First Advisor

Cynthia D. Mohr

Date of Publication


Document Type


Degree Name

Doctor of Philosophy (Ph.D.) in Applied Psychology






Hierarchical linear modeling, Daily process, Alcohol, College students -- Japan -- Conduct of life, College students -- Alcohol use -- Social aspects -- Japan, Group identity, Drinking of alcoholic beverages -- Social aspects -- Japan



Physical Description

1 online resource (vi, 171 p.) : ill.


Recent studies have documented an alarming rate of alcohol use in Japan (Eisenback-Stangl et al., 2005; Milne, 2003; Shimizu, 2000). Indeed, permissive social and cultural norms for alcohol use exist within Japanese culture (Shimizu, 1990, 2000). Japanese college-students may be at further risk due to their developmental time period, where increases in alcohol use are typically seen. Furthermore, drinking habits formed during this time period may be difficult to alter later in life (Frone, 2003). Thus, social, developmental, and cultural factors exist to influence drinking among Japanese college students. The purpose of the current study was to investigate the drinking behaviors of Japanese college students and possible proximal predictors of use. Specifically, given the importance of social relationships and interactions to interdependent cultures, such as Japan, the occurrence of negative social interactions may be influential in predicting subsequent drinking, as individuals may increase drinking in order to adhere to the social norms and to make amends. Hypothesis testing confirmed a significant and positive relationship between negative social events and drinking with others. Furthermore, the expected physical, social and emotional outcomes of alcohol consumption (alcohol outcome expectancies) have been shown to predict alcohol use among U.S. samples (e.g., Goldman, 1994), however, daily fluctuations in the desirability of alcohol outcome expectancies has not been previously investigated in a Japanese sample. Given the importance of fluctuations in desirability of alcohol outcome expectancies among U.S. samples (Armeli et al., 2005), this dissertation investigated daily fluctuations in the desirability of expected outcomes and alcohol use. Support for this relationship was found; on days with individuals experienced increases in the desirability of alcohol outcome expectancies, individuals drank more with others. Support for the hypothesis that increases in daily negative social events would predict increases in the desirability of alcohol outcome expectancies was not found. Finally, this dissertation investigated two types of self-efficacy (drinking refusal self-efficacy and social self-efficacy) as stable factors of drinking. Drinking refusal self-efficacy significantly and negatively predicted drinking with others; marginal support for drinking refusal self-efficacy as a moderator of the relationship between negative social events and drinking with others was found. Social self-efficacy significantly and positively predicted drinking with others. No support was found for social self-efficacy as a moderating variable in the relationship between negative social events and drinking with others. In sum, using data that was previously collected via daily process methodology, this dissertation investigated the relationships between daily negative social interactions, daily desirability of alcohol outcome expectancies, and drinking refusal and social self-efficacy as moderators of alcohol consumption. Support was found for five of the seven hypothesized relationships.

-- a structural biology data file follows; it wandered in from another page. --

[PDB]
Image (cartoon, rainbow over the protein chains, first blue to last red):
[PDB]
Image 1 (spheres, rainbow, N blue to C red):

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Portland State University. Dept. of Psychology

Persistent Identifier